The IARC’s report and the media’s subsequent coverage illustrate the difficulty of connecting environmental agents to cancer. 

It is generally believed that cancer is the result of “a complex interaction of genetic and environmental factors,” according to the American Society of Clinical Oncology (ASCO). But only a small number of cancers are hereditary, meaning the majority of cancers are caused by factors outside the body or external factors, such as lifestyle choices (smoking, diet, obesity or alcohol), and other environmental causes, such as exposure to radiation, chemicals and viral or bacterial infections that can damage cells and weaken the immune system.

The task of identifying and proving an environmental factor causes cancer is vitally important, evidenced by the fact that some carcinogens that have been identified and verified have resulted in interventions that have become public health policy. Yet that process often requires many years of scientific research, public debate and policy development, with the media simplifying and sensationalizing complicated and often contradictory findings. 

The challenges faced by scientists in studying a suspected carcinogen are particularly difficult, says David Gorski, MD, PhD, managing editor of Science-Based Medicine and a researcher and surgical oncologist at the Barbara Ann Karmanos Cancer Institute in Detroit. 

Gorski references tobacco as an example. The first major study definitively linking smoking to lung cancer was published in the Journal of the American Medical Association in 1950. For the next 14 years, scientists continued to study tobacco, moving through the accepted “levels of evidence” required for scientific conclusions.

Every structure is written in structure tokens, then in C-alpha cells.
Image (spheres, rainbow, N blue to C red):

“The point is, you have to look at the totality of the evidence and synthesize it,” Gorski says. “One study never settles anything.” 

At the same time that the scientists were doing their jobs, the issue was being debated in the court of public opinion. It wasn’t until 1964 that Luther Terry, MD, the U.S. Surgeon General, armed with conclusive science, officially declared, “cigarette smoking is causally related to lung cancer in men.” But even though tobacco was officially identified as a carcinogen, it took additional decades of political debate, judicial decisions and advocacy campaigns to finally develop a meaningful public health policy. 

“Everybody wants to know the answer about why they got cancer,” Gorski says. “We look for patterns. But patterns often mislead. Especially when you are looking at small numbers.”

It takes a scientific basis along with large numbers and robust statistical analyses “to figure out what we see and what may have general validity,” he adds.

Editor's Note: In upcoming issues, CURE will help readers understand how researchers identify and investigate suspected cancer-causing agents, build their evidence, test their hypotheses and use their findings to suggest interventions that could influence public policy.